One thing that’s commonly heard in every Indian nukkad and gully is gaalis!
The gaali users’ list seems to be endless… The harrowed auto rickshaw drivers trying to overtake others using a volley of A,B,C of gaalis in a tone that passersby stop by wondering what started the commotion. The shop owners using gaalis and reprimanding their co-workers in front of the customers. The street dwellers, calling out to their children using gaalis as if they don’t have names. The College friends racing each other on bikes shouting out gaalis as a cool way to greet each other. School kids heading back home in their school buses hearing their bus drivers or senior students use swears words which they eventually start using in their day to day conversations. Servants who are greeted with gaalis first thing in the morning for being late to work. The noisy neighbours trying to throw their weight around with ugly gaalis. The high-on-accent bosses stooping low with gaalis to show their superiority. The harrowed sales men trying to sell their products on mobile phones only to be backlashed at with gaalis. The angry husbands with bruised egos at workplace illtreating their wives and children with a volley of gaalis. The bus drivers plying non-stop on roads from morning to night, always wanting to be ahead of other vehicles- using a concoction of vernacular gaalis as their superiority over reckless amateur bikers riding first time on the roads. The group of boys outside their college gully waiting to show their prowess of their gaali filled vocabulary. The ever attention seeking bimbettes who greet each other with a “Hi, bitch how are you?” and take pride in using the “F” word in every sentence. The Advertising professionals savouring their cutting chai across the gully swearing at peers, clients and the workculture. The small scale restaurant managers snubbing their stewards, rebuking them and sometimes giving them gaalis over shattered crockeries. Sounds of wailings of women from across local shanties and hutments as a result of facing a volley of verbal abuses from their drunken husbands. The list is endless… so what’s common is the love of gaalis amongst most Indians who don’t even think twice before uttering curse words “MC” or “BC” – ironically they give gaalis to their mothers and sisters and in that context abuse a beautiful blood relationship. Do they think for a second about the curse word being hinted at? It’s time to wake up and act responsibly in respecting our language and culture.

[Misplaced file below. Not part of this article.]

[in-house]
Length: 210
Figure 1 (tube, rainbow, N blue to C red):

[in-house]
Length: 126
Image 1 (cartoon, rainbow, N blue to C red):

Gaali Free India is a humble attempt to make people realize that gaalis are a blot on the rich cultural and language heritage of India and an extremely negatively influencing factor on the emotional wellbeing of women and children at large.
It’s time to inspire others and as responsible citizens, work towards making India Gaali Free.
Learn more about this initiative on www.gaalifreeindia.org. Be a Gaali Free Ambassador! Pledge to never use gaalis in front of children, at work, in front of friends, at home or in your surroundings. Respect your language and pass on the rich language heritage to your posterity that’s devoid of the filth of gaalis! Over to you now! Do it for your children’s sake!
Let’s work towards incorporating Swachh Bhasha, Swachh Bharat as a way of life- for only when we clean our diction and vocabulary, will do our country good.
Follow us on – https://www.facebook.com/gaalifreeindia